This article is written by Emma Paige.
Everyday living can be stressful, and even the most mundane things can tick anyone off. It’s no surprise that stress can do a number on you, and if you aren’t careful enough, it might even be deadly.
Mother Nature seems to have a solution to combating stress. Enter adaptogens: a specialised group of herbs and plants that not only fight stress but also have the ability to balance our mood.
Learning how to deal with stressors is in itself stress-inducing sometimes. From meditation to yoga, taking these steps to keep cortisol levels low may not be enough. Adaptogens have been attributed to being a stress-buster as well, but how effective are they?
Adaptogen herbs are a form of restorative medicine that has been around for centuries. People from Asia all the way to South America believe in their powers to keep stress at bay. While many years of its use seem to be enough to back up these claims for other people, it would be wise to always read into each information with a grain of salt.
What are these adaptogen plants, and are they even safe?
Adaptogen: What it is and how it works
The root word of “adaptogen” is adapt and that’s exactly what it does: it helps the body adapt to stress.
These herbs, roots, and fungi affect the body’s physical reaction to stress and because of this, they lessen the negative impact it may have on our health. In assisting the body’s coping mechanism, mood swings are lessened, the immune system is improved, and energy levels are more stable.
How adaptogens work isn’t entirely known just yet, but it seems as though that adaptogens specifically affect the HPA axis.
The HPA axis stands for hypothalamic pituitary adrenal axis and consists of the adrenal glands, the hypothalamus, and the pituitary gland. These organs are responsible for releasing hormones the entire body needs. If our body produces too much or too little of a hormone, it can wreak havoc and cause an internal imbalance.
Adaptogen plants support the way the HPA axis operates and encourage the body to a state of homeostasis. Well-known adaptogens that help your body handle stress are ginseng, ashwaganda and cordyceps mushrooms.
Benefits of adaptogens
Unlike other herbs or superfoods that directly affect certain parts of the body, such as peppermint to soothe the tummy or sage for optimal brain function, adaptogens directly affect the body’s response to stress.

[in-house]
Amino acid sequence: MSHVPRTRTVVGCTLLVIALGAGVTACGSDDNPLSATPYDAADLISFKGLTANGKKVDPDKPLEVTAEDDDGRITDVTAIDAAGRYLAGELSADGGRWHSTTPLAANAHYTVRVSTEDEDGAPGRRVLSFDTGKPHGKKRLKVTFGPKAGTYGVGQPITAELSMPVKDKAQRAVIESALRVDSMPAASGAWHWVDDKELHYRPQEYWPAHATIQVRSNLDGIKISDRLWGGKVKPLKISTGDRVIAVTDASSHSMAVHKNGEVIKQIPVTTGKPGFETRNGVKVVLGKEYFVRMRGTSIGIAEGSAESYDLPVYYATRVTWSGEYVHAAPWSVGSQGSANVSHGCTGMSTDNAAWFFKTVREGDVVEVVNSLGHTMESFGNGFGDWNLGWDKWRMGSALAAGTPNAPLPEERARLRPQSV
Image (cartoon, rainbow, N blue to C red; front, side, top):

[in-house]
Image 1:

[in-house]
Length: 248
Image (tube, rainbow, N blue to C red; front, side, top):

Known benefits of adaptogens include stimulating the central nervous system; protecting the nervous system in general; reducing fatigue; combating depression; and also increasing mental work capacity.
As a whole, adaptogens are taken to support both mental and physical health, so that both may perform at favourable levels, even when things aren’t smooth sailing.
Safety concerns surrounding adaptogens
As with most supplements, adaptogens are generally safe when ingested appropriately. After all, these plants have been in use for many centuries by Eastern and Western medical practitioners, as well as modern-day herbalists, for their known health benefits.
Disclaimer: While negative side effects are a concern for all medications, including adaptogens, you should always practice common sense whenever you intend to try something new.
Always ask your doctor if it is safe to take supplements that contain adaptogens. This is especially important if you have an underlying medical condition to see if it will affect current medications you are taking.
Women who are trying to get pregnant, who are already pregnant, or breastfeeding mothers should stay away from plant medicine in general.
Know more about adaptogens
Incorporating adaptogens into your diet isn’t as hard as you think it is. Some can be bought fresh and added directly to a dish or beverage, while extracts and powders can be an flavour and health awesome booster to smoothies and teas.
Here are 3 known adaptogens that have been gaining popularity in recent years:
In the Journal of Ayurveda and Integrative Medicine, holy basil or tulsi have anti-anxiety and antidepressant properties. It also helps with relaxation and regulates the heart rate. In studies done on animals, holy basil also increases endurance. Tulsi is native to Southeast Asia and is a staple in Ayurvedic medicine. Its unique spicy flavour makes it an instant hit in herbal tea blends.
This fungus was deemed so powerful that the wealthy and royal family were the only people to have consumed it. Native to Japan and also found in some parts in China, the reishi mushroom is still an integral part of Traditional Chinese Medicine because of its immune system boosting properties. It is also very rich in antioxidants and also has antiviral properties.
A root that has been cultivated by the Andean cultures for thousands of years, the maca is said to improve mood, help balance hormonal levels, and even enhance time between the sheets. The root can be pulverized and made into a powder, making it an easy adaptogen to add to your diet. It tastes like malt and is mildly sweet and earthy.
Making Use of Nature’s Goods
Knowing that nature has provided us with plants to help keep ourselves healthy and thriving is a comforting thought amidst the ongoing fight against the coronavirus. It is now, more than ever, that we should learn to take better care of our bodies.
Taking supplements of any kind should be purchased from reputable and trusted sellers who only provide customers with organic, clean, and high-quality products.
Author Bio: Emma Paige is a health guru and fitness enthusiast from Superfoods Australia. She always makes sure that what she feeds her body is as important as what she does with it; she enjoys writing about how different plants, herbs, and root crops can make a positive impact on our health.
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